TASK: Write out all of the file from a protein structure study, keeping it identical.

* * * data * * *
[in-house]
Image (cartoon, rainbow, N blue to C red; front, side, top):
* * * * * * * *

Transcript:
[in-house]
Image (cartoon, rainbow, N blue to C red; front, side, top):